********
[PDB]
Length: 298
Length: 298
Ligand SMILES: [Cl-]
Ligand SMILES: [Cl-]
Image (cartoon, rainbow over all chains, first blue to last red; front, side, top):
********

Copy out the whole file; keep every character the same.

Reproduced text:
[PDB]
Length: 298
Length: 298
Ligand SMILES: [Cl-]
Ligand SMILES: [Cl-]
Image (cartoon, rainbow over all chains, first blue to last red; front, side, top):